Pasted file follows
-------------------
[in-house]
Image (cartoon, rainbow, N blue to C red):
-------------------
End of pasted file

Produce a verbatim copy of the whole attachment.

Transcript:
[in-house]
Image (cartoon, rainbow, N blue to C red):